Call of Papers - International Journal of AI in Education
Hi GIFT users... below is an exciting opportunity for you to contribute to a special issue of the International Journal of AI in Education (AIED), a top-notch journal.
The title of our special issue is: Generalized Intelligent Framework for Tutoring (GIFT): Creating a stable and flexible platform for innovations in AIED research
Below are the details for the call for papers... they also appear at: http://www.ijaied.org/journal/cfp/
If you have experience with GIFT or have research that you think can contribute to the development of GIFT as a research platform, please think about contributing to this special issue.
Special Issue Associate Editors¶
- Robert Sottilare, Army Research Laboratory, USA
- Arthur Graesser, University of Memphis, USA
- James Lester, North Carolina State University, USA
- Ryan Baker, Teachers College of Columbia University, USA
- Submission of Complete Manuscripts June 17, 2016
- Reviews due to authors August 17, 2016
- Revisions due Oct 31, 2016
- Second round of reviews to authors Dec 31, 2016
- Camera-ready version Jan 31, 2017
Publication of Special Issue - Each paper will appear on the Online First as soon as it has been accepted and processed.
The full Special Issue will be assembled in the second quarter of 2017.
Submit papers at http://aied.edmgr.com/ using the special submission type: "SI GIFT".
Motivation and Scope¶
Over the last five years, the Generalized Intelligent Framework for Tutoring (GIFT) has emerged as a standard for authoring, deploying, managing, and evaluating Intelligent Tutoring System (ITS) technologies. A goal for GIFT is to capture best practices across the spectrum of automated instruction to reduce the time and skills needed to author tutors, to enhance the effectiveness of instructional strategies implemented by tutors, and to provide a testbed for ITS researchers to evaluate various adaptive instructional tools and methods. GIFT has been used to construct and evaluate tutors in various domains including management of interaction with learners in existing external simulations, serious games, and computer-based training environments to teach physics (e.g., Newtonian Talk), training military tasks and tactics (e.g., Virtual BattleSpace and Virtual Medic), and solve cognitive problems (e.g., logic and Sudoku puzzles). To date, nearly 700 users in 50 countries and 70 organizations have used and helped improve the authoring tools, individual learner and team models, instructional management techniques, domain models, learning effectiveness evaluation tools, and architectural services in GIFT, but there is a long way to go to realize a fully generalizable architecture for cognitive, affective, physical, and social training and educational environments.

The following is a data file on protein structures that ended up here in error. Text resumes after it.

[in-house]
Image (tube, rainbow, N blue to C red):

A catalyst for this special issue is the GIFT Symposium (GIFTSym) series which was originally organized as a workshop at the AIED 2013 in Memphis. GIFTSym continues annually with published proceedings and provides a forum for GIFT users and stakeholders to discuss their successes and challenges in using and evaluating GIFT across domains and learner populations. Scientists outside the GIFT user community have also participated in GIFTSym to provide critique on both the design and implementation of GIFT as a generalized tutoring architecture.
A goal of this special issue is to identify new best practices for GIFT and the ITS community. We also seek innovative AI contributions which provide the community a platform or testbed in which to conduct their research and guide them through the experimentation and analysis processes. There remain challenges with authoring ITSs (e.g., time and specialized skills required), delivering and consumption of instruction (e.g., remote sensing and intermittent connectivity), instructional management (e.g., methods to tailor instruction and selection of optimal strategies), and evaluation methods (e.g., time and skill required to set up evaluations, and consistency of evaluation methods).
This special issue also seeks innovative contributions for AI-based tools and methods which reduce experimental workload and facilitate the evaluation of ITS technology from a researcher’s point-of-view. In addition to specific designs and implementations in GIFT, we are seeking opportunities to enhance GIFT tools and methods to more efficiently acquire and analyze leaner and environment data, assess learner and team states, reduce authoring burden, and select optimal strategies and tactics. Literature reviews and meta-analyses that provide a thorough overview of the state of the art related to some aspects of the above-mentioned problems are also welcome.
Topic of Interests¶
The scope includes (but is not limited to) the topics below: